"You have a very little local production which I have never seen mentioned in any export statistics, so the assumption is that it's all being consumed locally," said Sherri Johns, president of the WholeCup consultants company.
Johns said the focus of the Malaysian coffee market today is directed much more towards consumption, in line with Asia's other niche producers such as Thailand and the Philippines, where imports in some years have been required in order to meet local demand.
"The coffee shops in Malaysia existed long before the new specialty cafes in Kuala Lumpur because the Chinese have always used them for business meetings. But when the cafes were introduced about five years ago, they represented a new lifestyle for the younger people and they immediately became very popular," she said.
From 1995 when Johns first started traveling to Malaysia as a consultant for a local business group to help set up the first specialty coffee shop "Star Hill" in Kuala Lumpur in 1997, the number of coffee shops today has doubled five times.
Few official statistics exist on the actual number of coffee shops and even less data is available on the level of per capita consumption in Malaysia.
But Johns estimates that following the launch of the first "Star Hill" cafe in 1997 by the Kuala Lumpur-based San Francisco Coffee chain, today's number has grown to more than 60 shops across Malaysia, including 18 shops run alone by San Francisco Coffee, while the reminder is operated mostly by the Starbucks Coffee Company, Gloria Jean's, and the Coffee Bean & Tea Leaf.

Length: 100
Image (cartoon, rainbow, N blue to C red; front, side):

"I think the market will grow even faster than what we have seen now, the potential is there for the current market to double within the next five years as more and more global players are entering the market," she said.
As no official emphasis have been put on improving the quality of the local production in Malaysia's coffee industry, few beans have reached the specialty coffee shops and traditional Chinese coffee houses in the urban areas yet.
"With palm oil, rubber, sugar, tea and tin all being much more important exports in Malaysia, well if you have rich land that's what it's used for, and coffee get the rest. I don't think they have the resources or knowledge to go into quality production," said Johns.
Well, at least not until now. But with specialty coffee booming in the local domestic market, especially in the bustling capital of Kuala Lumpur with a sizable well educated and economically well of middle class, industry analysts agree that the best potential for Malaysia's local coffee production is seen remaining in the local market.
With improvements in quality at the local farm and processing level and increased marketing efforts, many Malaysians as well as visiting tourists could develop a fancy for trying their own home-grown beans over the years to come, and this may in turn lead to some small lots of Malaysian beans one day reaching the specialty markets of the U.S., Europe and Japan.